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How can I get the output I get without unicode-math using unicode-math, preferably (not necessarily) using the same code (\boldmath)? I would like the solution to work with at least the XITS and Latin Modern fonts, both of which have no build-in bold math font..

edit: I can see attention is fading away. Of course it is not possible to make non-bold fonts 'truly bold', but the output Word produces when you make formulae bold is acceptable, and Cambria Math also doesn't have a bold font. You can even make XITS and Latin Modern bold in math just by pressing CTRL+B. I accept any answer that makes LaTeX behave like Word in this.

Without unicode-math

\documentclass{article}
\begin{document}
  This should be entirely bold: {\boldmath$O(\log n)$} \\
  This should not be bold: $O(\log n)$
\end{document}

I get nice-looking output:

Output without unicode-math.

With unicode-math, the code

\documentclass{article}
\usepackage{unicode-math}
\setmainfont{XITS}
\setmathfont{XITS Math}
\begin{document}
This should be entirely bold: {\boldmath$O(\log n)$} \\
This should not be bold: $O(\log n)$
\end{document}

gives

With unicode-math 1.

I already tried a bunch of things, for example the following code.

\documentclass{article}
\usepackage{unicode-math}
\setmainfont{XITS}
\setmathfont{XITS Math}
\setmathfont[range=\mathup/{greek,Greek,latin,Latin,num}]{XITS}
\setmathfont[range=\mathit/{greek,Greek,latin,Latin,num}]{XITS Italic}
\setmathfont[range=\mathbfup/{greek,Greek,latin,Latin,num}]{XITS Bold}
\setmathfont[range=\mathbfit/{greek,Greek,latin,Latin,num}]{XITS Bold Italic}
\begin{document}
This should be entirely bold: {\boldmath$O(\log n)$} \\
This should not be bold: $O(\log n)$
\end{document}

Which unfortunately gives me this:

With unicode-math 2.

Word output looks like this:

enter image description here.

share|improve this question
    
shouldn't this be ${\boldmath O(\log n)}$ instead? –  pluton May 11 '12 at 14:44
3  
There is no "XITS Math Bold" font (at the moment), so \boldmath doesn't do anything useful. –  egreg May 11 '12 at 14:57
    
@pluton Nope, \boldmath should be activated outside of math mode. giss.nasa.gov/tools/latex/boldmath.html –  Semafoor May 11 '12 at 14:57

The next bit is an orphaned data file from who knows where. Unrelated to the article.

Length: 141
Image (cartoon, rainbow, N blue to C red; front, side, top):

@egreg But can't I use regular XITS Bold for the regular latin characters, greek characters and numbers inside of the equation? When I pust XITS Bold and XITS Bold Italic in the \mathup and \mathit range I get the output I want (but then everything is always bold). –  Semafoor May 11 '12 at 15:00
1  
@Semafoor: The only OpenType math font with bold version is Lucida, even Cambria Math (the de-facto standard OT math font) does not have one. I plan to do one for XTIS, but no time for it now (unless someone wants to pay me to do it). On the other hand, patches are welcome :). –  Khaled Hosny May 11 '12 at 17:46
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2 Answers 2

up vote 3 down vote accepted

A "poor person's \boldmath can be obtained by

\documentclass{article}
\usepackage{unicode-math}
\setmainfont{XITS}
\setmathfont{XITS Math}
\setmathfont[version=bold,FakeBold=3.5]{XITS Math}

\begin{document}
This should be entirely bold: {\boldmath$O(\log n)$} \\
This should not be bold: $O(\log n)$
\end{document}

I presume that this is how word processors fake bold for fonts not having a real one.

enter image description here

Note: choosing XITS "non math" for math symbols may have adverse effects.

share|improve this answer
    
At this point I'm quite desperate for an answer and this certainly works: I'll probably make this the accepted answer. As you also pointed out earlier, it only works in XeLaTeX. The output doesn't look as nice as the one word produces though (I added the Word output to the original input); this becomes more visible with 'more difficult' equations. –  Semafoor May 12 '12 at 17:59
    
@Semafoor Experiment with the boldness factor. Of course the solution is either non using bold math or getting a font that has real bold math. –  egreg May 12 '12 at 18:13
    
A problem is that, as KhaledHosny pointed out, there is currently only a single font (Lucida) that can be made bold, and it is not free. As someone who's not familiar with how LaTeX/XeLaTeX/... actually works under the hood, I'm surprised to 'lose' this functionality. For me, the best solution probably is reworking my document to no longer depend on unicode-math... But thanks for the effort you put in to solving my question! –  Semafoor May 12 '12 at 18:18
    
@Semafoor: XITS Math now have a bold companion, it needs more work, but you can try it if you feel adventurous. Bug reports are welcomed. Next version of unicode-math will auto-load bold math fonts if avialable. –  Khaled Hosny May 15 '12 at 21:44
    
@KhaledHosny Nice! Works and looks much better than fake bold. I'll try it out next time I have to write a LaTeX document :). –  Semafoor May 19 '12 at 1:17
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When using the package unicode-math, you will find the \bm and \boldsymbol don't work. You can nonetheless specify how you want it to deal with your bold math symbols using an option while loading it. \usepackage[bold-style=ISO]{unicode-math} will give the recommended italic bold math symbols for both greek and latin characters, while \usepackage[bold-style=TEX]{unicode-math} will give upright latin characters. This is explained in the unicode-math documentation.

A mwe:

\documentclass{article}
\usepackage[bold-style=ISO]{unicode-math}
%\usepackage[bold-style=TEX]{unicode-math}
\setmainfont{XITS}
\setmathfont{XITS Math}
\begin{document}
This is bold and italic $\mathbf{O(\log n)}+\mathbf{O(\lambda,\,\epsilon)}$ where it must :)
\end{document}
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